Dollars and Dissonance

Dollars and dissonance

I was 22 years old – not even a full year into my professional working career – when I had a candid and personal conversation with my co-worker Danielle.  Like me, Danielle was working long hours in a high-stress job, under pressure from clients and leadership in our company.  When our conversation eventually turned to money, she told me that she and her husband were under major financial stress.

“Some months, I’m not sure how we’re going to make ends meet,” she confessed.

This might have been understandable had Danielle been pulling in minimum wage, or even my entry-level paycheck with some extenuating circumstances, like major health problems or enormous student loan debt.  But Danielle wasn’t my entry-level peer.  Danielle was an associate partner in our firm, probably raking in $300,000 or more per year – not to mention her husband’s full-time salary.

HOOOO-LY SHIT.

Two years later, I had left that job with enough savings in the bank to take some entrepreneurial career risks.  I caught up with a former colleague, Jason, who had recently quit and moved cross-country.  Jason was back from an incredible month-long trek across the world, from the canals of Venice to the beaches of Tanzania.  “Wow!” I told him, “I hope you didn’t break the bank!”

“Actually,” he laughed, “I had to borrow some money to cover my rent this month.”

Are you kidding me?

Later that summer, I spent a weekend in San Francisco with my friend Heather, a successful software developer a couple years my senior.  Heather let me use her pricey downtown apartment for the weekend since she normally stayed across town with her boyfriend anyway.  Riding into town from the airport, she told me she was thinking of getting the new Audi S4 she really wanted – but only once she paid off her current car next year.  Over dinner that night, she shared that she was financially panicked and still paying off credit card debt from a decade ago.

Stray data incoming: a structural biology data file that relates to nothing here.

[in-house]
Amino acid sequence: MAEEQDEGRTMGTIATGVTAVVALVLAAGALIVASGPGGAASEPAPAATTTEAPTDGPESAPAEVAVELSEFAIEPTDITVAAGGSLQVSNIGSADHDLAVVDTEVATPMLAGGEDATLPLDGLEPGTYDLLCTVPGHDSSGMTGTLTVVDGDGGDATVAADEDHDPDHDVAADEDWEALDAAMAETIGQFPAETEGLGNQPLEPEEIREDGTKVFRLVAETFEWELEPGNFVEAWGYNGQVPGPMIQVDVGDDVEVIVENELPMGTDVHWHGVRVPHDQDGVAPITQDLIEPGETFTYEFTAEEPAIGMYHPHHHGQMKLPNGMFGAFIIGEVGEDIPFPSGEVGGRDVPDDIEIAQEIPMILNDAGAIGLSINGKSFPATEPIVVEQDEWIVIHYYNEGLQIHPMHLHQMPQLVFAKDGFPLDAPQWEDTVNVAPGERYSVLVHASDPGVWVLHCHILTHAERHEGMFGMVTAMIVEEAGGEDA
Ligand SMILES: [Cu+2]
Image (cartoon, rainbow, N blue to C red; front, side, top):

“I don’t know what to do.  I should have been out of debt years ago.”

Is this a joke?

These examples are ridiculous.  Outrageous.  Absurd.  Yet I could give a dozen more from my friends and colleagues alone.  This is the current state of the financial world for many people – even my privileged, highly educated, affluent friends making high five figures or more.  Trapped in a cycle of unsustainable spending, high-interest consumer debt, and lifelong dependence on a regular paycheck.

Thankfully, there’s another way.

6 Comments

  1. Yeah, it’s pretty amazing what people get themselves into. I got comfortable with ignoring these folks financial obliviousness and just nodded along when they complained about paying bills in spite of earning sometimes 2-3x what I was earning. You really want to put them in a friendly headlock and ask just what the hell do they think they are doing, but then you realize that HR frowns on that kind of contact between coworkers.

    Good start on the blog, by the way!

    • Indeed, I find myself frequently just nodding along as coworkers tell me all about their new leased vehicles, giant suburban houses, and 90-minute commutes. Better to not rock the boat, and I wouldn’t want them to get the sense that I’m going to peace out in a few months anyway!

      Thanks for the kind words!

  2. Reminds me of the title to the Thomas Stanley book “Stop Acting Rich”. We are just a little more than 4 months from early retirement (before our 50th birthdays) and amazed that we have friends that have basically saved nothing. Where did all the money go?

  3. Some people get so accustomed to having the freedom to spend to excess and then they don’t know what to do when that is taken away. I think sometimes people need to learn that even with your finances, sometimes enough is enough.

    Great post!

  4. It boggles my mind. I’m so thankful that many of my coworkers are financially savvy and we help to educate some of the fresh college hires!

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